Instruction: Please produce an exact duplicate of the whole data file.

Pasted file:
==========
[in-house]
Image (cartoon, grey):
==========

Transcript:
[in-house]
Image (cartoon, grey):